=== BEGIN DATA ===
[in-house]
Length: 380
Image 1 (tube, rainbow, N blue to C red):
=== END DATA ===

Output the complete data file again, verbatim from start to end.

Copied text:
[in-house]
Length: 380
Image 1 (tube, rainbow, N blue to C red):